It was recently revealed that Taylor Swift has purchased some racy domains with her name on them: TaylorSwift.adult and TaylorSwift.porn. Why would Taylor do such a thing?
The basic answer is so no one else can have them. The practice of 'cybersquatting' has become an ever increasing problem not only for celebrities but also for business. But once again, Taylor's legal team of Swifties have pre-empted any problems for Taylor's brand by simply making it inaccessible. We knew she was trouble when she walked in.
What is cybersquatting?
Cybersquatting is basically the idea that individuals will buy up domain names for internet sites, holding them only until they can sell them on to someone who desires them. This is seen to be 'squatting' and the practice is highly controversial and problematic - usually squatter will target domain names that will be sought after by businesses or well-established brands – such as Taylor Swift. This then allows the squatter to sell the domain name to the brand that requires it for a very high price -the haters gonna hate hate hate hate hate.
Lets say Taylor Swift did not already have a website. The squatter who purchased TaylorSwift.com would be able to charge Taylor a large sum of money for this domain as it is the most relevant to her brand, and easily memorable for fans. The alternative is purchasing a less relevant or difficult to remember domain.
However, a more pressing problem at present is not the purchase of a domain name but the protection of brand image. TaylorSwift.com would not like to be associated with TaylorSwift.porn should it fall into the wrong hands. This could be disastrous for Taylor given that there are such a large number of pre-teen Swifties.
So, how does the law protect businesses, celebrities and consumers from the plague of cyber squatters?
Well, they are letting trademark owners get them first. In 2011, the Internet Corporation for Assigned Names and Numbers (ICANN) won the right to expand the number of generic top-level domains, or gTLDs, such as .com and .net.
Formerly, there were 22 nearly 550 new gTLDs on the Web - with more being released every month.
However, whilst some are entirely relevant, promotional or useful such as: .pizza, .android and of course .mormon, there are also the less than wholesome gTLDs like .porn, .sucks, and .adult. So, ICANN is allowing celebrities and corporations with a brand or trademark to protect, to purchase the more controversial gTLDs before they become available to the general public on June 1st 2015.
What if it is too late and taylorswift.pizza has been registered, and she doesn't even like pizza?
It is possible to dispute a domain name where someone else has registered it, however there are complications and restrictions. One of the main difficulties is that each legal system will have its own rules and which rules apply will depend on where the website host is based.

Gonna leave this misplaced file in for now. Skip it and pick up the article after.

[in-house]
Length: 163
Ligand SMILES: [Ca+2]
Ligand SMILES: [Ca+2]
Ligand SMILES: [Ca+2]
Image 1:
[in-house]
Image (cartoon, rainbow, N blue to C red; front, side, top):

Furthermore, there is always the problem that the alleged cyber squatter may actually just be a nice girl who also happens to be called Taylor Swift and runs a quaint pizza shop.
If the website is not designed to take advantage of the brand or company, and makes no claims to be affiliated to the company, it may be a reasonable use of the domain name. This could even be a dedicated fan site, for example for fans of listening to Taylor Swift and eating pizza. However, if cybersquatting is taking place an individual, brand or business may be able to bring a claim for 'passing off'.
To bring a claim for passing off, an individual or company must demonstrate it has built up sufficient 'goodwill'. This means that the average person would know who that company or individual was.
Where the cybersquatter has created a website with the domain name relevant to a legitimate company or interest, and the site is likely to lead to the average person believing it is the individual, company or brands official site, and that brand suffers loss as a result, then a claim can be brought. This claim could stop cybersquatters using domain names for companies and then making money through that domain name and the firm's reputation.
For example, if Taylor Swift.pizza sold unofficial Taylor merchandise, which people belived to be authentic, TaylorSwift.com could bring a case for passing off. Not to be confused with Shake it Off.
However, it seems like Team Swift have got this one covered and it will be interesting to see what Swift does with her bound to increase domain names.
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To find out what happens to the domain TaylorSwift.pizza, click this link every week or so until something interesting happens.
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